Soon enough, a truck pulling a camper with Washington state plates stopped and a pair of handsome, well-groomed men emerged. Their truck had stalled in the high altitude, and they seemed disturbed by the prospect of spending the night in such an isolated corner of the world. We made some unsuccessful attempts to revive the truck while the men stood humbly by, and then offered them a ride to the nearest phone, located in a store about 15 miles away.
As the older man prepared to come with us, Diane and I looked at each other happily:
"They’re gay!" we gasped with the exultation that comes to, say, a Bedouin who has been offered his first sip of water in days. You see, tiny Western ranching-mining towns aren’t exactly magnets for gay men. I’ve lived in Paonia for about a decade, and while there is rumored to be a gay community around here somewhere, I have only known a single gay man, who tested the waters for a few months before fleeing. (In towns the size of Paonia, being single and heterosexual is a daunting enough prospect. As for our former gay citizen, he may as well have tried to find a partner on the floor of the Pacific Ocean.) But I’ve spent a lot of time in San Francisco, where my sister has an awfully good time with her gay male friends. They’re fun, they’re communicative; they’re attractive and stylish and blessedly off limits to my more complicated emotions.
So the presence of these coiffed, overtly lost men right in my own backyard made me as happy as a lark. While the men of our town might be handsome, hardly any of them are particularly well-groomed. They tend to be kind of hairy. And dusty. And they’re never, ever lost.
So up on the pass, Diane and I thrilled at our new position of protectors, nay, saviors of these stranded men.
As the older man bid his lover goodbye and folded his lanky form into my car, I happily ticked off the way the evening would unfold: We’d deal with the truck problem, then retrieve the younger man and go out for a big dinner, with martinis, all paid for by our grateful new friends. I’d make these guys comfortable in my rough and tumble house, which was built a century ago by miners, shock them with the Dickensian look of my ancient coal furnace, and introduce them to my sweetie, who would make them cookies. They would tell us barbarously witty things about life in Seattle. They would maybe subject my sweetie to a "Queer Eye for the Straight Guy" makeover. Perhaps they would cure him of buying everything in a shade of forest green. Bless them.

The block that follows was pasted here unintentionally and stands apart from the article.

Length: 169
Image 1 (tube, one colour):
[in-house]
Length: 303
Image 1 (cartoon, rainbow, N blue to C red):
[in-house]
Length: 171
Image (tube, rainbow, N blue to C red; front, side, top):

So we drove down the bumpy road, merrily chatting about this and that. We talked about his growing interest in landscape photography, his kids in college and his wife. Excuse me? His wife? Yes, his wife, who induced him to retire early when she had done so, he said, smiling the fond smile of someone who loves their spouse and who, at that moment, missed her very much.
But, but, but…they were so willing to depend on us. By the time we got to the store with the telephone in it, my mood, and Diane’s, had darkened significantly. Fabulousness was not going to enter our evening after all; rather, we were going to spend a long time watching a straight man try to get organized. And "try" was the operative word. We listened to him procrastinate about every possible avenue for action. Then we listened to him try vainly to describe his wilderness location to a Triple-A employee in a town 50 miles away.
This guy wasn’t gay; he was merely urban. Call me out of touch with "metrosexual" men, but suddenly, I wanted this man to get a grip. Later, I would realize how simplistic and loutish my thinking had been and remember that all of my gay friends are adept at both auto mechanics and life in the outdoors. But all I could think in the moment was how much I wished there was a gay man somewhere in my town.
When the cashier in the store offered to drive the man back to his camper, Diane and I eagerly sped home through the evening, realizing that our gaydar had become severely uncalibrated through years of disuse. And I braced myself for the preponderance of forest green in my home.
Lisa Jones is a contributor to Writers on the Range (hcn.org), a service of High Country News in Paonia, Colorado, where she lives.
Note: the opinions expressed in this column are those of the writer and do not necessarily reflect those of High Country News, its board or staff. If you'd like to share an opinion piece of your own, please write Betsy Marston at email@example.com.